Monday, June 25, 2012


“The Villain’s Journey Chapter One: The Call for Adventure”

Writer: Geoff Johns
Penciller: Jim Lee
Inker: Scott Williams
Colorist: Alex Sinclair with Pete Pantazis & Gabe Eltaeb
Letterer: Pat  Brosseau
Editor: Brian Cunningham


While the members of the Justice League deal with two seemingly-unrelated incidents involving their foes, Steve Trevor finds himself hunted by a former-supporter of the League who has decided that he must destroy them once and for all…


Page 1:  “Four Years Ago”  This scene takes place approximately a year after the formation of the Justice League, as seen in Justice League #6. 

All of the books on this shelf were written by David Graves.

He seems to have a fascination with the unexplained and the unknown.  Let’s take a look at his titles, shall we?

The Belmez Faces and Beyond (2005):  The Bélmez Faces are an alleged paranormal phenomenon in a private home in Spain.  Homeowners claimed that images of faces appeared in the concrete floor of the house, which was located in Bélmez de la Moraleda, Jaén Spain.  Various faces have appeared and disappeared at irregular intervals starting in 1971, and many have been photographed by reporters and visitors.

The Fatima Prophecies (2002): The Three Secrets of Fatima refer to a series of visions and prophecies alleged given by an apparition of the Virgin Mary to three Portuguese shepherds beginning on May 13, 1917.  According to Catholic interpretation, the three secrets involve Hell, Worlds Wars I and II, and the shooting of Pope John Paul II.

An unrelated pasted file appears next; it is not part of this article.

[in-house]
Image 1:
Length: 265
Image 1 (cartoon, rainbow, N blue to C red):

The Yonaguni Pyramid: Civilization Unknown (1999):  I assume that this is about the Yonaguni Monument, an underwater rock formation off the coast of Yonaguni, the southernmost of the Ryukyu Islands, in Japan.  It is unknown whether the site is completely natural, is a natural site that has been altered, or is a manmade artifact.

The Truth Behind the Tunguska Event (2005):  The Tunguska event was a powerful explosion that occurred near the Podkamennaya Tunguska River in what is now Krasnoyarsk Krai, Russia, on June 30, 1908.  The explosion is believed to have been caused by an air burst of a large meteoroid or comet fragment between three to six miles above the Earth’s surface.

Note that, for some reason, the book is titled The Truth Behind Tunguska Event, no "the.".  Must be a special, limited edition what with the printing defect and all. 

The Secret History of Atlantis (2002):  Atlantis is the legendary island first mentioned in Plato’s dialogues Timaeus and Critias, written around 360 B.C.  According to Plato, Atlantis conquered much of the ancient world approximately 9,600 B.C., and after failed attack on Athens, sank into the ocean.   In the New 52 DCU, Atlantis exists as an undersea city, and Aquaman’s mother was an Atlantean.  In the forward to this book, David Graves notes that he spoke with Dr. Stephen Shin as part of his research; as readers of Aquaman know, Shin knew and studied a young Arthur Curry, and wanted to exploit him.  He’s not a nice guy, that Shin. 

Stonehenge Decoded (2000):  One of the most famous sites in the world, Stonehenge is a prehistoric monument located in the English county of Wiltshire.  It is composed of a circular setting of standing stones, believed to be constructed between 3,000 and 2,000 B.C.  The purpose and function of the site is a topic of debate.